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HSE places restrictions on lidocaine patches

Limited evidence to support its use, costs and the HSE’s ongoing difficulty affording essential medicines has prompted the changes.

Prof Michael Barry, Consultant Clinical Pharmacologist and Clinical Director of the National Centre for Pharmacoeconomics (NCPE), explained that HSE spending on lidocaine patches had almost doubled in recent years.

“What we’ve seen is that expenditure now in this country is about €30 million per year,” Prof Barry revealed.

This is up from about €18 million in 2014. Currently, there are about 25,000 patients using lidocaine (Versatis) patches.

“I believe it is very difficult to justify spending €30 million on a non-essential medicine at a time when we’re struggling to fund life-saving therapies for cancer and rare diseases,” Prof Barry explained.

He went on to state that evidence to support use for its licensed indication, which is for the treatment of pain associated with post-herpetic neuralgia (PHN), is limited, while the evidence to support its use for other types of pain, such as back pain or knee pain, is very poor.

The restrictions will come into force from 1 September and will mean that the HSE will only reimburse the product for its licensed indication.

“There will be a system that if prescribers want a patient on this drug, we will require them to apply online,” Prof Barry stated.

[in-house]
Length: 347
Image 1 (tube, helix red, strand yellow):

If the reason given is for the licensed indication, the product will be approved almost immediately but if it is for any other indication, it will not be approved until that request is reviewed by the HSE Medicines Management Programme (MMP).

For those already using the product, reimbursement will continue for a maximum of three months. If further reimbursement is required after this time, an application will have to be made.

Details of the changes will be issued to GPs and community pharmacies shortly and the MMP has put forward details of alternative therapies that could be used in place of the patches.

The changes come following similar restrictions in Northern Ireland, Scotland and England.

“The manufacturer has confirmed that the uptake of this product in Ireland is amongst the highest in Europe, so we are out of line,” Prof Barry commented.

He also confirmed that the HSE is reviewing oral nutritional supplements and said new guidance would be issued shortly. 

  1. michelle finn on September 11, 2017 at 5:58 pm

    Its a pity that patience using this item were not informed long before now. I’m not wearing these patches for the fun of it/I have Ankylosing spondylitis and now I have been diagnosed with degeneration of the discs in my lumbar region.Ithink that prof Barry should have showen more evidence and on who he did his research on such as age gender and their medical condition.This news will cause a lot of stress on people that find these medicated patches useful yet again its all about money not the person.

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